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Foy Vance / November and December 2016 UK/Irish Tour

By on Wednesday, 4th May 2016 at 9:00 am

Header photo by Sarah Barlow and Stephen Schofield

Northern Irish troubadour extraordinaire Foy Vance has announced a string of late autumn live dates in the UK and Ireland, in support of his upcoming new album ‘The Wild Swan’. The album is due out on the 13th of May via Ed Sheeran‘s record label Gingerbread Man Records, and editor Mary recently featured the album’s lead promo for ‘She Burns’ as our Video of the Moment #2071.

Vance will play an already sold out show at London’s Hoxton Hall on the 12th of May, ahead of June tour dates in Europe supporting Elton John. Following his summer festival appearances, which will include Latitude 2016 in July, Vance will hit North America for a list of dates supporting Josh Groban and Sarah McLachlan. He’ll spend the early part of September touring Australia with Kyle Lionhart before returning to America for headline dates running through the end of October. You can find a complete (and lengthy) listing of Foy Vance’s live shows on his official Facebook.

Tickets for the following UK and Irish dates will be available this Friday, the 6th of May, at 10 AM.

Monday 7th November 2016 – Bristol Fleece
Tuesday 8th November 2016 – Nottingham Bodega
Wednesday 9th November 2016 – Newcastle Cluny
Friday 11th November 2016 – Glasgow Oran Mor
Saturday 12th November 2016 – Leeds Brudenell Social Club
Sunday 13th November 2016 – Manchester Ruby Lounge
Tuesday 15th November 2016 – Norwich Arts Centre
Wednesday 16th November 2016 – Southsea Wedgewood Rooms
Friday 18th November 2016 – London Shepherd’s Bush Empire
Thursday 8th December 2016 – Dublin Academy
Friday 9th December 2016 – Galway Roisin Dubh
Saturday 10th December 2016 – Belfast Ulster Hall


Video of the Moment #2071: Foy Vance

By on Wednesday, 27th April 2016 at 6:00 pm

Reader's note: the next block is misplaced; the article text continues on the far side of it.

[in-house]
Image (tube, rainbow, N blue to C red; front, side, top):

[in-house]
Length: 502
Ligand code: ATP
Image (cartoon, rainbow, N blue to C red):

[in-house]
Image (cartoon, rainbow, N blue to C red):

Irish singer/songwriter Foy Vance will be releasing a new album on the 13th of May. ‘The Wild Swan’ will be his debut LP with buddy Ed Sheeran‘s Gingerbread Man Records, and only the label’s second. Sheeran has surely brought in the heavy hitters: Elton John acted as executive producer on the new album, and it was recorded at Blackbird Studios in Nashville, under the eyes and ears of Grammy winner Jacquire King, who produced and mixed ‘The Wild Swan’.

Today, Vance is unveiling the promo video for the album’s lead track. ‘She Burns’ was shot on location in Los Angeles in black and white and stars Pretty Little Liars’ actress Lucy Hale. The slow tempoed, contemplative nature of the track pairs well with the minimalist yet personal treatment in the promo, as you’ll see below. This promo video follows on from a live video Vance shared in December, presumably during the recording of the album at Blackbird Studios. Stay tuned for our coverage of Vance’s ‘The Wild Swan’ in the coming weeks. To read more on Foy Vance on TGTF, head here.



Live Gig Video: Foy Vance performs an acoustic version of ‘She Burns’

By on Wednesday, 2nd December 2015 at 4:00 pm

Mustachioed Northern Irish songsmith Foy Vance has just unveiled a live acoustic video for his smouldering new track ‘She Burns’. Recorded at Blackbird Studios in Nashville with producer Jacquire King (James Bay, Of Monsters and Men), the song is slated to appear on Vance’s highly anticipated next album, which is due out early next year. Vance has recently signed to pop superstar Ed Sheeran‘s label Gingerbread Man Records, which launched back in August with the signing of singer/songwriter Jamie Lawson.